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The Liptak-Stouffer Test for Meta-Analyses

Published:February 24, 2014DOI:https://doi.org/10.1016/j.biopsych.2013.11.033
      We are writing to address a potential statistical limitation in the meta-analyses reported by Byrd and Manuck (
      • Byrd A.L.
      • Manuck S.B.
      MAOA, childhood maltreatment, and antisocial behavior: Meta-analysis of a gene environment interaction.
      ) and by Karg et al. (
      • Karg K.
      • Burmeister M.
      • Shedden K.
      • Sen S.
      The serotonin transporter promoter variant (5-HTTLPR), stress, and depression meta-analysis revisited: Evidence of genetic moderation.
      ). Both meta-analyses followed the same statistical method and investigated the role of gene-environment (G × E) interactions in the development of psychopathology. Byrd and Manuck (
      • Byrd A.L.
      • Manuck S.B.
      MAOA, childhood maltreatment, and antisocial behavior: Meta-analysis of a gene environment interaction.
      ) showed that there is a G × E interaction between the variable number tandem repeat polymorphism of the monoamine oxidase A promoter and childhood maltreatment in the development of antisocial behavior, while Karg et al. (
      • Karg K.
      • Burmeister M.
      • Shedden K.
      • Sen S.
      The serotonin transporter promoter variant (5-HTTLPR), stress, and depression meta-analysis revisited: Evidence of genetic moderation.
      ) demonstrated a G × E interaction between a serotonin-transporter-linked polymorphic region variation and stressful life events in the development of depression. The latter topic had been addressed by Munafò et al. (
      • Munafò M.R.
      • Durrant C.
      • Lewis G.
      • Flint J.
      Gene x environment interactions at the serotonin transporter locus.
      ) and Risch et al. (
      • Risch N.
      • Herrell R.
      • Lehner T.
      • Liang K.Y.
      • Eaves L.
      • Hoh J.
      • et al.
      Interaction between the serotonin transporter gene (5-HTTLPR), stressful life events, and risk of depression: A meta-analysis.
      ) independently in 2009, but neither of them found significant results. Karg et al. (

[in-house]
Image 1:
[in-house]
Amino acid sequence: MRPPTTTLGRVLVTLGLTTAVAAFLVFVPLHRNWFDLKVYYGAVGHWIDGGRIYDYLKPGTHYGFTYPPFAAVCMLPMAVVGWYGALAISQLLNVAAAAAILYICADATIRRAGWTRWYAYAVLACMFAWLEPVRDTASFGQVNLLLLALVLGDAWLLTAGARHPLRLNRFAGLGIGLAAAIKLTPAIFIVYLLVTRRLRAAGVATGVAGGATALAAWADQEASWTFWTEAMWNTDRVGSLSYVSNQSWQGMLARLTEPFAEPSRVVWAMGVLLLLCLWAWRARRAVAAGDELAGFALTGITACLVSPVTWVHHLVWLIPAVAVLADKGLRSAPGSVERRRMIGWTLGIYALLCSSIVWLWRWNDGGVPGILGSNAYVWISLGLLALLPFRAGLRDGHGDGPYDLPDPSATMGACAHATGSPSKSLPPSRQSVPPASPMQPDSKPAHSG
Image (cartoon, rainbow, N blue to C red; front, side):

• Karg K.
      • Burmeister M.
      • Shedden K.
      • Sen S.
      The serotonin transporter promoter variant (5-HTTLPR), stress, and depression meta-analysis revisited: Evidence of genetic moderation.
      ) attributed this discrepancy to the different number of trials included in each meta-analysis. Munafò et al. (
      • Munafò M.R.
      • Durrant C.
      • Lewis G.
      • Flint J.
      Gene x environment interactions at the serotonin transporter locus.
      ) and Risch et al. (
      • Risch N.
      • Herrell R.
      • Lehner T.
      • Liang K.Y.
      • Eaves L.
      • Hoh J.
      • et al.
      Interaction between the serotonin transporter gene (5-HTTLPR), stressful life events, and risk of depression: A meta-analysis.
      ) estimated an overall effect size of a limited number of trials, whereas Karg et al. (
      • Karg K.
      • Burmeister M.
      • Shedden K.
      • Sen S.
      The serotonin transporter promoter variant (5-HTTLPR), stress, and depression meta-analysis revisited: Evidence of genetic moderation.
      ) combined the p values of a much larger group of studies. The main differences between these two types of meta-analysis are presented below.
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      • Reply To: The Liptak-Stouffer Test for Meta-Analyses
        Biological PsychiatryVol. 77Issue 1
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          Science is a cumulative enterprise. As more studies accumulate, it is important to integrate them, and meta-analysis is one approach to doing so. But what is the best way to conduct a meta-analysis? The commentary by Laoutidis and Luckhaus suggests limitations of two recent meta-analyses, one reported in this journal by Byrd and Manuck (1) and the second published elsewhere by Karg et al. (2). These focus, respectively, on two reports of gene-environment (G × E) interactions, published in 2002 and 2003 (3,4), that have spawned over 80 replication attempts.
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